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Dating Mammalian Evolution

Fri, 28 Mar 2014 15:14:37 +0000

When the age of the dinosaurs ended around 65 million years ago, mammals stepped in to fill the gap, and the age of the placentals began. However, whether early placental mammals were already present on Earth before the demise of the dinosaurs has been the subject of a long standing debate. Recent research in GEE [...]

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The Delicate Balance of Effect and Response

Tue, 18 Feb 2014 11:50:36 +0000

We may not always be aware of it, but many wild plants, animals, fungi and even bacteria, provide crucial services to us which keep the ecosystems of Earth functioning. Environmental changes caused by human activities are now threatening many species, and those that cannot withstand these changes may be lost forever, potentially taking the services [...]

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It’s All in the Wrist

Fri, 20 Dec 2013 16:18:20 +0000

The evolution of the primate wrist has been dramatic, enabling primates to adapt to a wide variety of lifestyles and walking styles, including tree-swinging, climbing and terrestrial walking both on four legs and two. In hominids, the evolution of the bipedal gait freed up the forelimbs for tool use, and the wrist evolved independently from [...]

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The Transcriptional Profile of A ‘Wingman’

Wed, 27 Nov 2013 14:25:48 +0000

In many species, males have special adaptations to attract females. From antlers to stalk-eyes, to bright plumage and beards, males across the animal kingdom work hard to look attractive to the opposite sex. In some species, looking good isn’t enough, though. Male wild turkeys need a less attractive ‘wingman’ to help him attract a woman. [...]

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Damage and Fidelity: The Role of the Female Germline in mtDNA Inheritance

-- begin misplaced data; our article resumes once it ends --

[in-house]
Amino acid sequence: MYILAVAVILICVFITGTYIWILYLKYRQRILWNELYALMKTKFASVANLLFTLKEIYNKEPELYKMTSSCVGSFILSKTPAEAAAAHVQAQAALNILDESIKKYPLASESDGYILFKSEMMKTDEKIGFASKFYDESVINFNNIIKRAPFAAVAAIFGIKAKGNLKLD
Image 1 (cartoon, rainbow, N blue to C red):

Mon, 11 Nov 2013 15:13:12 +0000

Billions of years ago, one single-celled organism engulfed another, beginning a symbiotic interaction that would change live on Earth forever. The mitochondria are what remains of this symbiotic event, and are responsible for producing energy in all eukaryotic cells. Derived from a free-living organism, they carry their own genes, but these genes are at risk [...]

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A Crucial Difference: Celebrating Diversity in Nature

14 May 2010

7th April to 30th June 2010

North Cloisters, Main Building, Gower Street, UCL, WC1E 6BT

As part of the 2010 International Year of Biodiversity, UCL Museums & Collections have organised an exhibition celebrating the diversity with our collections.

The four cases contain sets of objects from two natural history collections at UCL – the Grant Museum of Zoology and UCL Geology Collections. At first glance each object may appear to be the same.

In natural history there are no duplicates – every specimen is unique. For students and researchers at UCL, the existence of several examples of the same specimen type is crucial to the way their subjects are taught and studied. For a scientific theory to be tested many samples must be collected and analysed. It is only by understanding the variation within a group that its limits can be determined, and its relationships described.

2010 is the International Year of Biodiversity. Biodiversity, the variety of life on Earth, is essential to sustaining the living systems that provide us with health, wealth, food, fuel and the vital services on which our lives depend. This exhibition celebrates some of that variety.

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Page last modified on 06 may 10 15:59